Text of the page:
Eric’s 2002 study was the first one that I encountered in the literature. I was able to track him down and proposed that we do a similar study in the Canadian Aboriginal population. I found Eric to be a fine person and very generous with his time and expertise and we have since been able to foster a productive collaboration. He is one of the co-investigators on the project I currently have underway in a Canadian First Nations community.
6. You have been able to conduct some rather extensive research on low-carb diets since August 2006 alongside Dr. Westman as well as other notable low-carb researchers Dr. Steve Phinney and Dr. Mary Vernon (who I also interviewed last year). In that specific study, you have been looking at the Aboriginal people and placed them back on the traditional diet that was low in carbohydrates to see if there would be any improvements in their health, including with obesity, metabolic syndrome and Type 2 diabetes. Can you tell my readers a little more about the preliminary results of the study so far and share about something rather peculiar that has happened among the family members of the study participants?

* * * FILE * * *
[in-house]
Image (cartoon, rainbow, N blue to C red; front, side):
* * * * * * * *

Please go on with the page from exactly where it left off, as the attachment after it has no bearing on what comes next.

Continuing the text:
I have been fortunate to be able to collaborate with Drs. Westman, Phinney and Vernon, all of whom have done significant research in this area. They have helped me design a study where First Nations people eat a diet resembling their traditional diet. In this part of the world, the traditional diet consisted of fish, seafood, game and some edible wild plants, all of which were low in starch and sugar content. They ate a low-carb diet. In modern times they eat huge amounts of refined carbohydrate foods and are paying the price in terms of high rates of obesity, metabolic syndrome and Type 2 diabetes.